At some point towards sunset, the hut is visited by a local guy who lives in the mountains and does forest work. He also has some ganja to sell. How good is this country? We are in a hut in the middle of nowhere and the gold comes walking up to our door. We have enough for the hike already but just barely enough. And besides, if it rains a lot, we may end up sitting around in huts with not much to do. What the hell, let’s get a little more.
And so, for the next four days, Samuel and I hike around the Mulanje plateau. We stay in a couple different huts, experience a few waterfalls and swimming holes, smoke lots of glorious gold and manage to climb one peak. We intended to climb several peaks but the weather does not approve. It is the rainy season and our wanderings are variously interrupted, shortened and changed due to sudden downpours and thunderstorms. Every time we intend to head for a peak, the clouds come in and cover it up. We have one opportunity though. On the third morning, we awake early and the sky is perfectly clear. There is one peak near the hut we are staying in so we head for it. And yes, we make it to the top before the clouds move in and it is truly spectacular. Now, finally, I have a broad view of the amazing area I am hiking around. It is a giant plateau with grassy fields on top, but sticking up everywhere amid the grassy top like giant pimples on a face are jagged rocky peaks. There must be about thirty of them. Some have waterfalls tumbling off the sides. They all have shapes like giant sculptures. Given time and opportunity, I’d just love to climb them all.
But alas, it is not possible. Time runs short and the weather is not cooperating. I will have to return one day (perhaps in the dry season) and just explore, explore, explore. For now, I have to settle for a taste of Mulanje. All I get to experience is a single nice peak, a few waterfalls, a couple swimming holes, and some of the best sunsets on the entire planet earth.
On the fourth day, we return to Lilkubula village in the early afternoon. I swear that place just has the perfect fairy tale setting. I hang out with Samuel and some of his friends for a while. I eat lunch again at the one restaurant. But, unfortunately, I have to be moving on. Believe me, there is a part of me that doesn’t want to. I feel at home in the mountains. I feel at peace in the mountains. And the Mulanje Plateau in the Rainy Season with no one else around is really my kind of place. But I only have one month left of this year’s traveling adventure and it is still a long ways to Capetown where I have to catch my return flight home. I can’t stay, I can’t stay, I can’t stay. No I’m sorry universe, I just can’t stay at this particular paradise.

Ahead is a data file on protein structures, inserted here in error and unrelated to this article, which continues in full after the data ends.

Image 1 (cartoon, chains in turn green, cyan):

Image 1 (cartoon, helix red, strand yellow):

Samuel takes me on a short cut through the village and the cornfields to the crossroads where the pickups pass. There are no trucks in sight but there are a few bicycle taxis. They offer to take me on one bicycle and my big backpack on the other. It will only cost 300 kwacha (two dollars) to the main road. I say goodbye to Samuel and climb on the back of the bicycle. God I love transportation in this country. Down we go; twelve kilometers on a dirt road on the back of a bicycle; through the cornfields, and the tea plantations and the tiny villages…. Hands in the air… Wheeeeee!! Once or twice, I fear for my life as my bicycle driver thinks he is Evil Knievel when we hit the steep hills. But somehow we make it to the bottom in one piece and I catch the minibus back to Blantyre. I arrive just in time for a party at Doogles Bar. That’s right; after my arduous hiking adventure, I am rewarded with a hearty helping of beer, music, chicks, and good old Malawi gold. Down from the mountains today and tomorrow I go to Zimbabwe. I guess I better live it up tonight.